I don’t know exactly what or who God is. Does He/She/It resemble the traditional Christian image of God with white hair and a long beard? Or is God an invisible Higher Power that resides in all of us? Could God encompass the infinite magnificence of The Universe?

I guess I don’t need to know that either. I just need to let go. Which is something that I very rarely do.

If you’re suffering from illness, injury or pain, it could be worth your while to explore the possible messages your body is trying to express to you. Are you willing to listen? Are you ready to change? Are you able to let go?

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Flaws

After posting Wednesday’s blog, two people very close to me suggested that I could be more confident. Having made a list of the qualities I’d like in a romantic partner, I’d asked myself if I possessed these desired attributes. And I’d acknowledged that there were a few things I needed to look at.

However, I’d zoned in on the fact that I could be a better communicator. I’d actually thought I was doing quite well in the confidence arena.

But in the last few days, two people have remarked on my confidence. They’ve done it because they want the best for me. They believe that I’ve a lot to offer and a lot to be proud of.

One of these people asked me if there’s a possibility that I’m going for men who are unavailable. I reflected on my most recent crushes. Perhaps she has a point. The men I fancy are usually not right for me, they wouldn’t be good for me, or they have girlfriends.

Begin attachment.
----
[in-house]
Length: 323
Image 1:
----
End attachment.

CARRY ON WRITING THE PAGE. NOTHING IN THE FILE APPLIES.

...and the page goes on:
If I want to be in a relationship, why would I lust after unavailable men? Unconsciously, perhaps I don’t really want to be in a relationship. I decided to tap on the issue.

[For more on tapping (or Emotional Freedom Technique), click here: http://www.thetappingsolution.com]

As I tapped, something interesting revealed itself. I don’t allow myself to get too close to men because there are certain parts of myself that I don’t like. And there’s only so long that I can keep those parts hidden. I’d even done quite a good job of hiding them from myself.

Yes, I have a lot to be confident about. And yes, I’m much more confident than ever before. There are times when I get it, when I genuinely love life, when I have fun and I’m in the flow.

But I’m still placing conditions on my self-love. I have to look a certain way and I have to be doing certain things. I can’t just love me for me.

Usually when I feel unloving towards myself, I retreat. I don’t want to go out or see people. Yesterday, I decided to do things differently.

I opened up to a friend. I confessed that I feel sad that I’m not allowing myself to get close to a man because of these conditions. I told her that I feel upset that I’m not loving myself unconditionally.

She advised me to love myself, including the part that isn’t loving myself. But I don’t know how to do it. I don’t know if I can.

I want to. I’m sick of this issue raising its ugly head over and over again. But I still don’t know how I can love myself anyway.

I know I’m resisting reality. I am the way I am. I also know that I can’t love somebody unconditionally when I can’t do the same for me. And I know I can’t expect someone to love me unconditionally when I can’t do it for myself.